Wonky Fruit Recipes: Mixed Berry Jam (reduced sugar)

Posted on 31 Jul 2021

Our wonky berries are just as fresh and tasty as the others, they just aren’t always so pretty…

We offer our wonky fruit in trays weighing approximately 2 kilograms, and they’re great for making jams! Giving our customers the opportunity to purchase our second-class fruit is a great way for us to reduce food waste, and you can save some pennies while still getting some great quality, local produce.

Our recipe for a reduced sugar berry jam is easy, and you only need the following ingredients:

  • Your chosen berries! Wonky strawberries and raspberries, blackberries and blueberries all work great in this recipe.
  • Low sugar pectin.
  • White granulated sugar - we recommend 400 - 600 grams for 2 kilograms of fruit as the pectin will do the job, but add more if you have a sweet tooth!
  • Lemon juice - this adds a brightness to the jam, and helps the pectin develop.

You will need:

  • A large stainless saucepan
  • Wooden spoon
  • Ladle
  • A sterilised jam/canning funnel
  • Dinner plate (cooled)
  • Clean jars and lids - we keep old glass jars and reuse them for our jams! Wash the jars well in warm soapy water and then rinse thoroughly under running water and leave to dry in a cool oven (130 degrees Celsius) for 15 - 20 minutes, or clean the jars by putting them in the dishwasher on a hot cycle.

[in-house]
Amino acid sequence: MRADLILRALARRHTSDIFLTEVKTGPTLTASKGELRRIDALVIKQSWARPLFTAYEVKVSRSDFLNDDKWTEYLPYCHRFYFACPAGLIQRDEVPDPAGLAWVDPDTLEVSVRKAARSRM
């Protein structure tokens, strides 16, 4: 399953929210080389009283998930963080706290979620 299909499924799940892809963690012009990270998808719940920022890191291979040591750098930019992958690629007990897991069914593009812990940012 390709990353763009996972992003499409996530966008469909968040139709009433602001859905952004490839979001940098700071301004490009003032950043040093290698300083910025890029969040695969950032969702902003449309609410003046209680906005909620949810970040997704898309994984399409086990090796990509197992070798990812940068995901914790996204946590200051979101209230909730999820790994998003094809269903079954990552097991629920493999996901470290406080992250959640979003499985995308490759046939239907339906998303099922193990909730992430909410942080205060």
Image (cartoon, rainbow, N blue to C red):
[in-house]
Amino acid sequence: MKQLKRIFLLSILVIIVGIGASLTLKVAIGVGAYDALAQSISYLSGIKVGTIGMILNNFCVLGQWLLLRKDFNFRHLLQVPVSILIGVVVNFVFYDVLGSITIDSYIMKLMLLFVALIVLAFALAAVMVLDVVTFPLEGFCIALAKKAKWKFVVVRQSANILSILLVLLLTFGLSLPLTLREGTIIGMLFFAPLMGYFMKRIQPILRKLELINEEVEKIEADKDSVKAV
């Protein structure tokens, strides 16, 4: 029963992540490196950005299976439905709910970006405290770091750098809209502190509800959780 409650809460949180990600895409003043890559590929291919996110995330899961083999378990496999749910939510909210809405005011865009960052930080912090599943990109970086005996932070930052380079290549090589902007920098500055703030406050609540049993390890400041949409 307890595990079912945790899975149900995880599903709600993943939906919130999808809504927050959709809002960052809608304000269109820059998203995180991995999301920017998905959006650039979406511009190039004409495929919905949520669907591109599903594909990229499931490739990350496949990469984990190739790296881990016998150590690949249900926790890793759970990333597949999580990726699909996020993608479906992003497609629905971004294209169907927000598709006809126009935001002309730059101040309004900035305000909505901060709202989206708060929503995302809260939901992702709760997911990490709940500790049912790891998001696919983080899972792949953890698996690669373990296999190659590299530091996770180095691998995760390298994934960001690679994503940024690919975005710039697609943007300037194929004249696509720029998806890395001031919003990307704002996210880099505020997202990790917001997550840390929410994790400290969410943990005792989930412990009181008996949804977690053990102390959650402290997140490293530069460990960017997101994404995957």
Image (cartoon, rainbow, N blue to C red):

Step 1) Place the berries, pectin and lemon juice into a large pan over a low heat until the fruit begins to reduce.

Step 2) Add the sugar, and stir constantly until the sugar dissolves. Be careful that the heat isn’t too high, as this can cause the sugar to melt and stick to the pan.

Step 3) Once the sugar has dissolved, bring to a rapid and rolling boil (when the bubbles cannot be calmed down by stirring with a spoon). Cook the mixture for 3 - 5 minutes, until the jam reaches a setting point; it will start to thicken and boil more slowly.

To test if the jam has reached the setting point, remove the pan from the heat. Spoon a small amount of the jam onto a cold plate and leave to cool for a few minutes. Then, push your finger into the jam - if it wrinkles, it’s ready! If not, return the pan to the heat and cook for another minute or two and test again.

Step 4) When the jam has reached the setting point, carefully idle it into the jars (use a sterilised jam/canning funnel if you have one!) and twist the lid on while the jam is still hot. The jam will thicken up as it cools and the seals on the jars should dip.

If a jar doesn’t seal, store it in the fridge and use the jam within a couple of weeks. Sealed jars can be kept at room temperature for months, but always refrigerate after opening!